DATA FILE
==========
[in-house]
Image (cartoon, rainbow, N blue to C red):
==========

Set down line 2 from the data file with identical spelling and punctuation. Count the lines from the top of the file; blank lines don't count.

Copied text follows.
Image (cartoon, rainbow, N blue to C red):